"Right now, we have to hunt down genetic influences on health through blind searches of huge databases, and the results from that approach have not yielded as much as expected," Cole said. "This study suggests that we can use computer modeling to discover geneenvironment interactions, then confirm them, in order to focus our search more efficiently and hopefully speed the discovery process.

"This opens a new era in which we can begin to understand the influence of adversity on physical health by modeling the basic biology that allows the world outside us to influence the molecular processes going on inside our cells."


'/>"/>

Contact: Mark Wheeler
mwheeler@mednet.ucla.edu
310-794-2265
University of California - Los Angeles
Source:Eurekalert

Related biology news :

1. Hormone study gives scientists a sense of how animals bond
2. Study shows that suffocating head lice works in new treatment
3. Michigan State uses NSF grant to study evolution in action
4. Study highlights sustainable footprint of chemical companies
5. Stress raises risk of mental decline in older diabetics, study shows
6. New study finds link between marine algae and whale diversity over time
7. Study finds variations in 1 gene may be associated with endurance running
8. Study: Crickets forewarn unborn babies about spiders
9. Study examines family lineage of King Tut, his possible cause of death
10. Butterfly vision, wing colors linked, UCI study finds
11. New study possibly links cognitive and motor delays with flat head syndrome in young babies
Post Your Comments:
*Name:
*Comment:
*Email:
(Date:3/15/2016)... , March 15, 2016 Yissum Research ... the technology-transfer company of the Hebrew University, announced today ... remote sensing technology of various human biological indicators. Neteera ... $2.0 million from private investors. ... on the detection of electromagnetic emissions from sweat ducts, ...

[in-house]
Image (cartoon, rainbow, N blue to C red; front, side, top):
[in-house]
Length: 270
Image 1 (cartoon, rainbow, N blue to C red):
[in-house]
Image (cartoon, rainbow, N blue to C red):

(Date:3/11/2016)... , March 11, 2016 ... new market research report "Image Recognition Market by Technology ... (Marketing and Advertising), by Deployment Type (On-Premises and Cloud), ... To 2022", published by MarketsandMarkets, the global market is ... to USD 29.98 Billion by 2020, at a CAGR ...
(Date:3/9/2016)... -- Nigeria . Recently, the ... public service employees either did not exist with their ...    --> Nigeria . Recently, ... 23,000 public service employees either did not exist with ... unlawfully.    --> DERMALOG, the biometrics innovation ...
Breaking Biology News(10 mins):
(Date:5/25/2016)... ... May 25, 2016 , ... Lady had been battling arthritis since ... ligament in her left knee. Lady’s owner Hannah sought the help of Dr Jeff ... surgeon, to repair her cruciate ligament and help with the pain of Lady’s arthritis. ...
(Date:5/24/2016)... ... May 24, 2016 , ... Cell therapies for a range ... by research at Worcester Polytechnic Institute (WPI) that yielded a newly patented method ... , The novel method, developed by WPI faculty members Raymond Page, PhD, professor ...
(Date:5/24/2016)... ... May 24, 2016 , ... Last week, Callan Capital, ... executives and entrepreneurs, held The Future of San Diego Life Science event at the ... life science community attended the event with speakers Dr. Rich Heyman, former CEO of ...
(Date:5/23/2016)... ... May 23, 2016 , ... The need for blood donations in South Texas and across the ... Texas Blood & Tissue Center, blood donations are on the decline. In fact, donations across ... down 21 percent in South Texas in the last four years alone. , There is ...
Breaking Biology Technology: